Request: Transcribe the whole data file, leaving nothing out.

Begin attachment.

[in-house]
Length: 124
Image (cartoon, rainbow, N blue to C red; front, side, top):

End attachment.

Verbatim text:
[in-house]
Length: 124
Image (cartoon, rainbow, N blue to C red; front, side, top):